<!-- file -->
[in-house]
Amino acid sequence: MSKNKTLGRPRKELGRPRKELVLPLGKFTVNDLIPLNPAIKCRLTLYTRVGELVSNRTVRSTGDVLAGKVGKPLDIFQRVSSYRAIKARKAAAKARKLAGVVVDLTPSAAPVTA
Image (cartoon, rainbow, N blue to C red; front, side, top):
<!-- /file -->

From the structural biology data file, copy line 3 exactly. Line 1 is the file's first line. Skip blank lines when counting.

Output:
Image (cartoon, rainbow, N blue to C red; front, side, top):